OC Transpo is stepping up its safety plan after a review by the American Public Transportation Association (APTA) suggested there is more to be done.
Overall, the organization gave OC Transpo good marks for its commitment to safety by offering de-escalation training to drivers, and safe and night stop programs which allow riders to request an unofficial stop closer to their destination.
APTA also recommended an online reporting system to publish assaults or other incidents online (while omitting names or other identifying information) in a bid to be more transparent.
Transit manager John Manconi said on Wednesday that will be put in place, but not just yet.
"We're working with the women's group right now because our assurances to them was that if we're going to report, we need to be able to do something with that data. The easy part is getting a web site up and running. The critical part is what to we do with that data and how do we work with our police partners."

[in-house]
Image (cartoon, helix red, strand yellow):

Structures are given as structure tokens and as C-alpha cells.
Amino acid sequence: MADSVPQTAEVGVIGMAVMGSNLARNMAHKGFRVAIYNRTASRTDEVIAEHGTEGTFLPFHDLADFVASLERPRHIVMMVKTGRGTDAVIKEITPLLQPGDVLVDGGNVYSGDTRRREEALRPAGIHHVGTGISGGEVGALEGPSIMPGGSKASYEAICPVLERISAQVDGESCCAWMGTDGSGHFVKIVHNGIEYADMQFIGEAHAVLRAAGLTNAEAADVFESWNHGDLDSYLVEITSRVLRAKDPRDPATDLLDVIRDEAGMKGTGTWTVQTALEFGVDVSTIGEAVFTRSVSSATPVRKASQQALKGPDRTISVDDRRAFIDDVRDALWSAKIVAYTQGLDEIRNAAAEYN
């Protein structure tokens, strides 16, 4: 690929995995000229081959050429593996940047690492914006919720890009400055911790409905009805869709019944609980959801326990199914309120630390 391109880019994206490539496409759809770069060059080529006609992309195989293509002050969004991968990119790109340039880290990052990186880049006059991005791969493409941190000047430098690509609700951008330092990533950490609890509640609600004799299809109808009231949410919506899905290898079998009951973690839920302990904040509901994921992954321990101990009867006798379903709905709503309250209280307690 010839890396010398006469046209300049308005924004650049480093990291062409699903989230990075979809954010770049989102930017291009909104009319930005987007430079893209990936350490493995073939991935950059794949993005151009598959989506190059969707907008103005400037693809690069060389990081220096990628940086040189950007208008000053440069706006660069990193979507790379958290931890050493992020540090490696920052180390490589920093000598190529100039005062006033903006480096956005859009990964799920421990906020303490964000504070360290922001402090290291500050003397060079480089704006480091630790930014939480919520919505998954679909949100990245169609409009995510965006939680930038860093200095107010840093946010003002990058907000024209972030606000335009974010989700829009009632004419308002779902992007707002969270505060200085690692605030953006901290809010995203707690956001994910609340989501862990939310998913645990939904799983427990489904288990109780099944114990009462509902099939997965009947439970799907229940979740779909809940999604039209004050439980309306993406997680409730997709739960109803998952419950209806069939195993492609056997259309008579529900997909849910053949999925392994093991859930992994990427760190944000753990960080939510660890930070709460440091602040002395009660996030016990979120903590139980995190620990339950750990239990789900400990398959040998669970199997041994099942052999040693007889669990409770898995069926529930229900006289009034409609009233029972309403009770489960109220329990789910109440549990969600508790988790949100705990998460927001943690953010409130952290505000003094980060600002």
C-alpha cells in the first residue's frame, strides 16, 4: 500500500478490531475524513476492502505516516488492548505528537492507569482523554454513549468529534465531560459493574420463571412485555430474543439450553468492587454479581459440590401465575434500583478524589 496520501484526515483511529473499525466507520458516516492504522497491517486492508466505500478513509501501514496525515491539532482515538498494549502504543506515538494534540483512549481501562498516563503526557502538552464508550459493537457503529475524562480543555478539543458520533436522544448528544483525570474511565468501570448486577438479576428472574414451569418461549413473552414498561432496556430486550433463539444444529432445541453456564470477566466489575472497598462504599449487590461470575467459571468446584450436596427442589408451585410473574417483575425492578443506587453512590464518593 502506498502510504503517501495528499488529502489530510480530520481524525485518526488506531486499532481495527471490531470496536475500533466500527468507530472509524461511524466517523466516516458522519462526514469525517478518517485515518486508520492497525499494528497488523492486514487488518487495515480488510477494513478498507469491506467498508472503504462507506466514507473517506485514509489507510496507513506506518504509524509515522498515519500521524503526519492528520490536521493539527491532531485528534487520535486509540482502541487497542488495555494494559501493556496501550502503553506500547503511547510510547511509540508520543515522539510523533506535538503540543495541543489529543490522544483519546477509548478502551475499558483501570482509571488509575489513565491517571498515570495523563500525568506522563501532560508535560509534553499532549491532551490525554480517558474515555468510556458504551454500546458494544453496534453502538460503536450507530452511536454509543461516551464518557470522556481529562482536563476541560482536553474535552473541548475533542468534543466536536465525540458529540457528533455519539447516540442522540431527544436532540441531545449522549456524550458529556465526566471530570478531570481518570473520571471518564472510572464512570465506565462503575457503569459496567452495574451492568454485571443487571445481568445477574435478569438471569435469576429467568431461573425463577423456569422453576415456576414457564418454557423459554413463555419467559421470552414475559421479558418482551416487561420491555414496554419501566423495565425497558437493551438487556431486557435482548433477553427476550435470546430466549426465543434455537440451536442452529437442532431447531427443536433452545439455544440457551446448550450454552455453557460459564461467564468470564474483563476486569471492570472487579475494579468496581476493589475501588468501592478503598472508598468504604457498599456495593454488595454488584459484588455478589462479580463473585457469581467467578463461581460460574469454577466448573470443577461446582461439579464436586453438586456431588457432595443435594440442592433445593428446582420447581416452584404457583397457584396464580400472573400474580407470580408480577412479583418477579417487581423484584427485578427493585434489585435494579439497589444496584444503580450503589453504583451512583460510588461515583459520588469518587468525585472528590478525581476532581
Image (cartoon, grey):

OC Transpo is also on the hunt for a new chief safety officer, which is another one of the suggestions.
Manconi explained finding the right candidate will take months, in part because the successful candidates needs very specific skills because OC Transpo is a complex agency.
"We're one of two transit organizations that are federally regulated, so health and safety and so forth. We also have a multi-mode operation, we have bus, we have light rail, we have diesel trains. And they're also going to need to know the regulatory framework that we operate under."
The review also suggested OC Transpo top up the special constable unit, which currently has 41 employees.